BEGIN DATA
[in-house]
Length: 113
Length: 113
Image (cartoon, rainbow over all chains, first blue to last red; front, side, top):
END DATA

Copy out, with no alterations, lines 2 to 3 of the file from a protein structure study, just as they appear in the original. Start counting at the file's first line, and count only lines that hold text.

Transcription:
Length: 113
Length: 113